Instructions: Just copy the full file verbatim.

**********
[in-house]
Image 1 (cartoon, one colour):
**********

[in-house]
Image 1 (cartoon, one colour):